Greek Defense Minister Panos Kammenos announced his resignation ahead of a parliamentary vote to ratify a deal ending a decades-old name dispute with Macedonia.
"The Macedonia issue does not allow me not to sacrifice my post," Kammenos said on January 13 following talks with Greek Prime Minister Alexis Tsipras.
He also said that his right-wing populist Independent Greeks (ANEL) party was quitting the government.
Tsipras later said he will ask for a vote of confidence in parliament in the coming week.
Kammenos has long opposed the accord signed by the Greek and Macedonian governments in June 2018.
The deal would change the name of Greece's northern neighbor to the Republic of North Macedonia. In exchange, Athens would lift its objections to the former Yugoslav republic joining NATO and the European Union.
Macedonia's parliament voted on January 11 to ratify changes to the constitution called for in connection with the agreement, which now needs backing from the Greek lawmakers to come into effect.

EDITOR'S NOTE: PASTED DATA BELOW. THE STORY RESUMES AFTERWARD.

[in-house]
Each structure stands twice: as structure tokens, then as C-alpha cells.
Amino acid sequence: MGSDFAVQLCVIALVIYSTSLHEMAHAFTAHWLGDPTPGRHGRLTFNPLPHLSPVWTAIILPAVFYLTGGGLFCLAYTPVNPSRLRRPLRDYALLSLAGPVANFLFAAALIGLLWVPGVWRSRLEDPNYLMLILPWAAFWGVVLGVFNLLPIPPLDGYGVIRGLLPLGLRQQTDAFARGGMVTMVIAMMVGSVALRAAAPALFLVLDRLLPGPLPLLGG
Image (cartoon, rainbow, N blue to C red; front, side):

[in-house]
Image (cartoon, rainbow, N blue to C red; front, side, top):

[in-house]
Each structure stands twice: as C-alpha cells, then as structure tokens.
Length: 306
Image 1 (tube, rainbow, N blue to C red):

The deal has met with opposition in both countries with critics saying it makes too many concessions to the other side.
Athens argues that use of the term "Macedonia" implies territorial claims on Greece’s northern province of the same name, and on its ancient Greek heritage.
In a parliamentary session on January 11, 81 Macedonian deputies in the 120-seat parliament voted in favor of the proposed changes to the country's constitution, securing the required two-thirds majority.
It came after three days of negotiations between Prime Minister Zoran Zaev and lawmakers that opposed the changes.
Zaev said on January 12 that the lawmakers had "made history," adding: "I know how difficult that was. ... We are putting the bitterness in the past and we are looking now proudly to the future."
Greece's 300-member parliament needs a simple majority for ratification.
Tsipras has said that the chamber would be asked to ratify the agreement with Macedonia by the end of the month.
His left-wing Syriza party has 145 deputies in the legislature, and the prime minister may need votes from opposition lawmakers to pass the deal.